What’s more, compensation should be bolstered by incentives and performance-based bonuses — documented with written goals and benchmarks — so that high-achieving family members are rewarded for their successes. “This kind of documentation helps avoid miscommunication and resolve conflicts over how and why individual family members are compensated,” Bryck says.

When it comes to ownership and profit-sharing, it often makes sense to split things evenly. But with annual salary, a performance-based system is vital for keeping each family member properly motivated. Further, the sense of fairness and opportunity created by a meritocracy is crucial for attracting and retaining non-family employees as the business expands.

A Major Corporation.
Families who work together often become too informal, assuming, for example, that a conversation over Sunday night dinner is sufficient for planning the work week ahead. While Bryck doesn’t object to talking shop at home, he cautions that it’s dangerous for families to ignore the formalities of a professionally run enterprise. Ultimately, the more room you leave for miscommunication, the more volatile a family firm can become.

Hold weekly staff meetings at the office, even if the “staff” is mom, dad, cousin and sister. “If Dad has an idea, he needs to write it down and add it to that week’s meeting agenda, rather than calling Junior at midnight on a Saturday,” Bryck cautions.

Seek Outside Perspective.
Because it’s easy for family members to get complacent and comfortable with one another, it’s crucial to solicit feedback from outside professionals.

Family business owners should assemble a board of advisors who can periodically provide a candid evaluation of the business and its employees, without the filter of familial relationships. “And if you don’t have a board of advisors, join a roundtable at your local Chamber or business organization,” Bryck says. “And if you don’t have access to one of those, then just go out to lunch occasionally with other business owners who have an angle on something you need to know about.”

Keep Business Separate.
Fortunately, Bryck says, he rarely sees a complete disintegration of the family when a family business fails. “Usually family businesses succeed or fail, rather than completely blow up. But when they do burst apart, it is usually because one party feels like he or she has been wronged and that’s when litigation ensues.”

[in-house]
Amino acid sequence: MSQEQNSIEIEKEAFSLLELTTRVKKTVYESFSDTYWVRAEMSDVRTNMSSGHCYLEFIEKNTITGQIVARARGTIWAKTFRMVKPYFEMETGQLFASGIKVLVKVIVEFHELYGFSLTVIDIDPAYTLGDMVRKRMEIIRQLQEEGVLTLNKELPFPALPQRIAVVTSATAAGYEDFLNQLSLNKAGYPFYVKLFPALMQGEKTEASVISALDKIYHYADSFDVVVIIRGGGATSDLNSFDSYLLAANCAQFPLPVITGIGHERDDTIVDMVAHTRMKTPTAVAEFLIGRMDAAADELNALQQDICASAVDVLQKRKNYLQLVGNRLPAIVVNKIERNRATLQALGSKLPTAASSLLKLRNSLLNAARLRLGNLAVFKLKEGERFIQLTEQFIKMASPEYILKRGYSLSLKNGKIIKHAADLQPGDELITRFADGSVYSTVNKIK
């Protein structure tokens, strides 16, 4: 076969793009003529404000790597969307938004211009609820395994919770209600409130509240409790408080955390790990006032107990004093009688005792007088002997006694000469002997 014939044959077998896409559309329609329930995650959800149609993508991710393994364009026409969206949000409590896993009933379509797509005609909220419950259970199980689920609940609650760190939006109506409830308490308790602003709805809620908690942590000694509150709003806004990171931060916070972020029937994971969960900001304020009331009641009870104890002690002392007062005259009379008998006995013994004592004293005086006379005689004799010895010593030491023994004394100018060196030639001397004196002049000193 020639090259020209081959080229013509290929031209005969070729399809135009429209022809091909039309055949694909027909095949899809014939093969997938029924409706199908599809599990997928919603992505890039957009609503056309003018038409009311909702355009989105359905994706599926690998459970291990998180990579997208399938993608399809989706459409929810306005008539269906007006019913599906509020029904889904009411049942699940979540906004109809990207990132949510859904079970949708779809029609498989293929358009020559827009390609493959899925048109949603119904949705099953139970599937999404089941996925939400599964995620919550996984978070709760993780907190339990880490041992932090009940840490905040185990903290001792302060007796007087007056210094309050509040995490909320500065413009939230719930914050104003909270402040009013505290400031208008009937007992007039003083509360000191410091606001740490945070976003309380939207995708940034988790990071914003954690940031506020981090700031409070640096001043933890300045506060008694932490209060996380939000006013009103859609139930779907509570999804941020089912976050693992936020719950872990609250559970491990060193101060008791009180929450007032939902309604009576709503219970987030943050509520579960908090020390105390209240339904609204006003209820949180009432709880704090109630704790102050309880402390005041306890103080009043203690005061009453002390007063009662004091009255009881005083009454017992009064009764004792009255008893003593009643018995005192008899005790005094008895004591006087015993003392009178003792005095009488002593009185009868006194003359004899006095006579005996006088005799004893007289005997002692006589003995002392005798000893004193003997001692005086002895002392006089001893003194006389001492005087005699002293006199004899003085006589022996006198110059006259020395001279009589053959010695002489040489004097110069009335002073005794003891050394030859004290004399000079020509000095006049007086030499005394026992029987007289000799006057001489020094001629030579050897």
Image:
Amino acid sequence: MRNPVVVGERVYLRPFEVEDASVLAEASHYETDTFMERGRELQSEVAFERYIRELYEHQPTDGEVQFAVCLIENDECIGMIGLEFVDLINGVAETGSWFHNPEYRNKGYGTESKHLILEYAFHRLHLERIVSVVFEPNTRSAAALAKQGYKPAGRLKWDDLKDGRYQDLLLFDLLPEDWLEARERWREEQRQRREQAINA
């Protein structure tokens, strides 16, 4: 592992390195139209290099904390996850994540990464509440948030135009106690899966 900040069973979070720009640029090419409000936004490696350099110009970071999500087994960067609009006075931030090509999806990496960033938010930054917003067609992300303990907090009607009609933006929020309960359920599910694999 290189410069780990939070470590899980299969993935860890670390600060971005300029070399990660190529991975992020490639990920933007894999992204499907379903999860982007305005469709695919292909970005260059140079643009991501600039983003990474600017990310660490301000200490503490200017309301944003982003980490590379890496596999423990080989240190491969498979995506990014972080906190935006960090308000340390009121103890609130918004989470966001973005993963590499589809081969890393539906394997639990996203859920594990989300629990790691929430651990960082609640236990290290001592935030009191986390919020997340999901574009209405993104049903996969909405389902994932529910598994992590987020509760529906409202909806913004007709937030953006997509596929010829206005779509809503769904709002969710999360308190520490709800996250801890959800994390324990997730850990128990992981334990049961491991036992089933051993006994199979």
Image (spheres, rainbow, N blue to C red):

That’s why it’s so vital to spell out key details in writing and get the buy-in, even signed agreements, from all involved family members. With every detail clear up-front, there’s much less chance for hurt feelings later on. Plus, the structure and professional culture you’ve created at the business will help minimize the impact when a family relationship hits a rough patch outside of work.

Once the parameters of the business are in place and running, make every effort to separate work time and work roles, from family time and family roles. “You really need to sit down with your family right in the beginning and formally lay out what the business is and document it. Then make it clear that love for each family member will be expressed separately from opinions about what the business needs to succeed,” Bryck says.

But be clear, Bryck warns, no matter how well you’ve structured your business, ultimately working with family requires all involved to possess an advanced level of maturity, a level head, loads of personal discipline and exceptional communication. If you can’t say that about your family, think twice about including them in your venture.


The author is a former editor of PCT magazine. He can be reached at ssmith@giemedia.com.